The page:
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Bone response to fluoride exposure is influenced by genetics.

Kobayashi CA, Leite AL, Peres-Buzalaf C, Carvalho JG, Whitford GM, Everett ET, Siqueira WL, Buzalaf MA - PLoS ONE (2014)

Bottom Line: Genetic factors influence the effects of fluoride (F) on amelogenesis and bone homeostasis but the underlying molecular mechanisms remain undefined.Also, F exposure was associated with dose-specific and strain-specific alterations in expression of proteins involved in osteogenesis and osteoclastogenesis.In conclusion, our findings confirm a genetic influence in bone response to F exposure and point to several proteins that may act as targets for the differential F responses in this tissue.

View Article: PubMed Central - PubMed

Affiliation: Department of Biological Sciences, Bauru School of Dentistry, University of São Paulo, Bauru, SP, Brazil.

ABSTRACT
Genetic factors influence the effects of fluoride (F) on amelogenesis and bone homeostasis but the underlying molecular mechanisms remain undefined. A label-free proteomics approach was employed to identify and evaluate changes in bone protein expression in two mouse strains having different susceptibilities to develop dental fluorosis and to alter bone quality. In vivo bone formation and histomorphometry after F intake were also evaluated and related to the proteome. Resistant 129P3/J and susceptible A/J mice were assigned to three groups given low-F food and water containing 0, 10 or 50 ppmF for 8 weeks. Plasma was evaluated for alkaline phosphatase activity. Femurs, tibiae and lumbar vertebrae were evaluated using micro-CT analysis and mineral apposition rate (MAR) was measured in cortical bone. For quantitative proteomic analysis, bone proteins were extracted and analyzed using liquid chromatography-electrospray ionization-tandem mass spectrometry (LC-ESI-MS/MS), followed by label-free semi-quantitative differential expression analysis. Alterations in several bone proteins were found among the F treatment groups within each mouse strain and between the strains for each F treatment group (ratio ≥1.5 or ≤0.5; p<0.05). Although F treatment had no significant effects on BMD or bone histomorphometry in either strain, MAR was higher in the 50 ppmF 129P3/J mice than in the 50 ppmF A/J mice treated with 50 ppmF showing that F increased bone formation in a strain-specific manner. Also, F exposure was associated with dose-specific and strain-specific alterations in expression of proteins involved in osteogenesis and osteoclastogenesis. In conclusion, our findings confirm a genetic influence in bone response to F exposure and point to several proteins that may act as targets for the differential F responses in this tissue.

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Schemes of the protein-based mechanisms triggered by F in osteoblasts and osteoclasts.Identified proteins with greater abundance in 129P3/J in comparison to A/J related to bone metabolism are shown in red. (A) Exportin enhances transport of cfab/Runx-2 to the nucleus activating transcription of collagen type I genes. Cadherins promote intercellular adhesion enhancing osteoblast differentiation. Nox-mediated ROS production enhances RANK ligand (RANKL) that interacts to its receptor (RANK) to induce osteoclast differentiation. (B) The treatment of 129P3/J with high F promotes enhancement of Nox, CDH, cadherin, catetin and SHIP while (C) in A/J, F at high dose promotes enhancement of SHIP and reduction of exportin.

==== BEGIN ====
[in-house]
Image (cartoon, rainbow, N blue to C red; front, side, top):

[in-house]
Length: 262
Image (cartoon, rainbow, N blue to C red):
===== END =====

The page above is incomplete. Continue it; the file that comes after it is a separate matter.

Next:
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pone-0114343-g006: Schemes of the protein-based mechanisms triggered by F in osteoblasts and osteoclasts.Identified proteins with greater abundance in 129P3/J in comparison to A/J related to bone metabolism are shown in red. (A) Exportin enhances transport of cfab/Runx-2 to the nucleus activating transcription of collagen type I genes. Cadherins promote intercellular adhesion enhancing osteoblast differentiation. Nox-mediated ROS production enhances RANK ligand (RANKL) that interacts to its receptor (RANK) to induce osteoclast differentiation. (B) The treatment of 129P3/J with high F promotes enhancement of Nox, CDH, cadherin, catetin and SHIP while (C) in A/J, F at high dose promotes enhancement of SHIP and reduction of exportin.

Mentions: Taken together, 129P3/J and A/J mice have intrinsic molecular differences related to bone metabolism (Fig. 6A). They also differ in response to F. 129P3/J mice responded similarly at high and low F doses, increasing the level of proteins involved in bone formation, as well as in bone resorption (Fig. 6B), a similar profile observed for low F-treated A/J mice. Instead, high F treatment diminishes level of proteins related to bone remodeling (Fig. 6C). These findings are consistent with known differences in susceptibility to F effect on mineralized tissues between these strains. The A/J mouse strain is more sensitive to develop dental fluorosis and to alterations in the quality of bone, while 129P3/J is less affected. Proteomic data revealed that bones of A/J mice were highly responsive to F which altered the abundance of 36 proteins even at the low dose level. At the higher F exposure level, A/J mice had 17 proteins with differences in expression compared to the control (untreated) mice. On the other hand, the treatment of 129P3/J mice with low and high doses of F altered 29 and 127 proteins, respectively. The greater responsiveness to high dose of F suggests that, possibly due to its resistance, 129P3/J requires a higher dose to trigger cytotoxic, detox and anabolic responses. Thus, at the higher dose F can stimulate bone formation in 129P3/J mice and either not change or decrease it in A/J mice.